“Where two or three have gathered together in My name, I am there in their midst.” – Matthew 18:20

I have always loved this particular passage from the Bible, because it speaks to the accessibility of Spirit and also the innate power of community. During the Christmas Season these words have particular resonance for me. The holidays are a time of gathering. Extended families come together to share meals, co-workers and their loved ones mingle at holiday parties, and communities of faith join in celebration of their shared values.

As I wrote in my most recent post, Spirit is in the air during this time of year. I examined some of the ways I experience that spirit and try to share it with others. This week I want to reflect on the power of that spirit not only in our one-on-one interactions, but in our larger communities.


The passage from Matthew tells us that there is something sacred in coming together with a shared purpose. Whether we’re celebrating our faith or just enjoying one another’s presence in our lives, we are engaging with Spirit in a powerful way. As long as we stay conscious of the time we are spending together and don’t take it for granted, we feed that Spirit and deepen it through the new memories we make and the meaningful interactions we have.

The holidays also present challenges to this Spirit. With so much to do and so many people to see, it can be easy to lose sight of the value of these interactions, to consider them obligations rather than opportunities. Sometimes we need to remind ourselves to slow down and enjoy the gift of the present moment together. I encourage you to join me in being mindful this holiday season and seeking meaningful interactions.

It was a tradition in my family for many many years to celebrate a home mass for Christmas. A beloved uncle of mine, a Jesuit, would give a mass in the living room of my aunts home, with the extended family filling every available chair and space on the floor. We no longer have these people with us, but we keep the tradition alive by gathering for a family prayer. More than the giving of gifts or sharing of meals, these moments of intentional connection as we join hands and give thanks are the real high point of the holidays for me.


Another family tradition that is due for a revival is giving back during the holidays. My late mother was a dedicated social justice and peace activist and very involved in service to the community. The whole family would spend an evening or two at a soup kitchen serving meals, clearing tables, and sharing the holiday spirit with those we met. It was a great reminder of the real spirit of the season, and enjoyable for all.

The holidays are also a great time for charitable giving. Whether it’s toys or clothing for the amazing kids at Operation Breakthrough, diapers for low-income families through HappyBottoms, or coats and blankets for the homeless through reStart, your generosity is especially appreciated at this time of year. There are so many organizations doing good in Kansas City, and our support can make the season brighter for the less fortunate.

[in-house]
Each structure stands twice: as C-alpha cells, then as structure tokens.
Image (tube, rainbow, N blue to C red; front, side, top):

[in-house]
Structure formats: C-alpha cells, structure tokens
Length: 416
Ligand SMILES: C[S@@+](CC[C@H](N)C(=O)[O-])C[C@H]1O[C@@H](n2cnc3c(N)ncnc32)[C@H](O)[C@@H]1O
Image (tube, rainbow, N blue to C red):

Thanksgiving may be behind us, but that doesn’t mean we should be done giving thanks. There is so much to be thankful for during the holidays – family, friends, co-workers, spiritual support – and I have found that gratitude is a major key to seeing the Spirit in those around me. Cultivating a practice of gratitude helps me make the most of all the opportunities for witnessing the spirit around me during this time. With gratitude comes joy and peace, and a greater connectedness with our family and community.

Research has clearly indicated that people who express gratitude are 25% happier than those who don’t. In our entitled society we might dismiss this finding in search of our “right” to be wealthy, well-fed, or satiated on all levels. Entitlement is the antithesis of gratefulness. Unfortunately, my very use of the word “entitlement” generally connotes those who are less fortunate seeking a “hand-out.” But my use of the word is simply to reveal our expectation, whether of a stock market that regularly rewards us, a tax write-off that mobilizes our investment, or our “inalienable right” to possess guns (which perpetrate fear in place of gratefulness and acceptance).

Gratitude exists in a paradigm of abundance, whereas Greed and Entitlement come from a worldview based on scarcity. That is, when we feel that there is not enough to go around, we are tempted to react out of self-preservation and see other people as objects or obstacles to our own happiness. Gratitude, by contrast, comes from a place of plenty and allows us to turn outward and see the humanity of others.

A recent article in the Huffington Post offers some good tips for practicing gratitude. Like anything else, it is something that requires practice. What better time than the holidays to start?

I wish you a Merry Christmas, a Happy New Year, and a life filled with Gratitude and Spirit!